DOJ Seeks to Dismiss New Hampshire Lawsuit on Wire Act
The U.S. department of Justice has filed papers in a lawsuit brought by New Hampshire and its state lottery challenging the DOJ’s new legal interpretation of the 1961 Wire Act.
The memo asks that New Hampshire’s request for a summary judgement be denied and the case dismissed.
While neither is likely to happen, the filing suggests that the DOJ will defend its new Wire Act interpretation.
In January, the DOJ reversed a previous opinion that the 1961 act applies only to sports betting where information was exchanged across state lines. The new interpretation holds that the act applies to all forms of gambling and includes internet betting.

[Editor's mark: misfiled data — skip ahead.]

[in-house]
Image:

The new opinion—which has not been put into effect yet—immediately calls into question the validity of multi-state lotteries and possibly all online gambling where information may be transmitted across state lines. New Hampshire has filed suit challenging the DOJ opinion and several states, including New Jersey and Michigan, have filed briefs in support of the challenge.
The DOJ memo says that the New Hampshire lawsuit should be denied for a lack of standing since no one has been charged under the new opinion and no constitutional issue has been named, among other arguments.
The attorneys general for New Jersey and Pennsylvania have also charged that the new opinion was issued to appease casino owner Sheldon Adelson, who has personally funded a lobbying effort to ban online gambling in the U.S.
The DOJ memo does not address that issue.